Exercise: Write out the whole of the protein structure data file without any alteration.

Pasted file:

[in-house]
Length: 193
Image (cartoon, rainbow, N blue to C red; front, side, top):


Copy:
[in-house]
Length: 193
Image (cartoon, rainbow, N blue to C red; front, side, top):